|dc.description.abstract||This thesis proposes a novel methodology for creating Artificial Agents with semi-realistic behaviour, with such behaviour defined as overcoming common limitations of mainstream behaviour systems; rapidly switching between actions, ignoring “obvious” event priorities, etc. Behaviour in these Agents is not fully realistic as some limitations remain; Agents have a “perfect” knowledge about the surrounding environment, and an inability to transfer knowledge to other Agents (no communication).
The novel methodology is achieved by hybridising existing Artificial Intelligence (AI) behaviour systems. In most artificial agents (Agents) behaviour is created using a single behaviour system, whereas this work combines several systems in a novel way to overcome the limitations of each. A further proposal is the separation of behavioural concerns into behaviour systems that are best suited to their needs, as well as describing a biologically inspired memory system that further aids in the production of semi-realistic behaviour.
Current behaviour systems are often inherently limited, and in this work it is shown that by combining systems that are complementary to each other, these limitations can be overcome without the need for a workaround. This work examines in detail Belief Desire Intention systems, as well as Finite State Machines and explores how these methodologies can complement each other when combined appropriately. By combining these systems together a hybrid system is proposed that is both fast to react and simple to maintain by separating behaviours into fast-reaction (instinctual) and slow-reaction (behavioural) behaviours, and assigning these to the most appropriate system. Computational intelligence learning techniques such as Artificial Neural Networks have been intentionally avoided, as these techniques commonly present their data in a “black box” system, whereas this work aims to make knowledge explicitly available to the user.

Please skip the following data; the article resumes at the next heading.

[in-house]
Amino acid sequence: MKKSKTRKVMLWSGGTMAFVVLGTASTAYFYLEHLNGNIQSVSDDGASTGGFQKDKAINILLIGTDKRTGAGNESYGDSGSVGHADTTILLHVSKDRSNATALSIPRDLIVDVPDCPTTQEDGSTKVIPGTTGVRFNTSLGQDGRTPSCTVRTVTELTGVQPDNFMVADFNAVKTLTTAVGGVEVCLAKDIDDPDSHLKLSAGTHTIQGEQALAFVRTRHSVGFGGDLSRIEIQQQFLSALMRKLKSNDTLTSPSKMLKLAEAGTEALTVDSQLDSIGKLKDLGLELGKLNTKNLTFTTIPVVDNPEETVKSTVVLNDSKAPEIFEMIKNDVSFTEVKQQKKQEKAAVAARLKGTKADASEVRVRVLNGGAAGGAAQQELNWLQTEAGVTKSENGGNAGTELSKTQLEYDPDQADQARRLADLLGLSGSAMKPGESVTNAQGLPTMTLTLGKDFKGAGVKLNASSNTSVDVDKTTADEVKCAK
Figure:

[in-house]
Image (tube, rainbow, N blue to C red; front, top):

A biologically inspired memory system has further been proposed in order to generate additional behaviours in Artificial Agents, such as behaviour related to forgetfulness. This work explores how humans can quickly recall information while still being able to store millions of pieces of information, and how this can be achieved in an artificial system.||en